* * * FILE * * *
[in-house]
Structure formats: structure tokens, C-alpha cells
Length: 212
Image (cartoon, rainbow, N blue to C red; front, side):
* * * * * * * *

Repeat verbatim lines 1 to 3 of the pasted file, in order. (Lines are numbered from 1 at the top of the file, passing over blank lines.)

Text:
[in-house]
Structure formats: structure tokens, C-alpha cells
Length: 212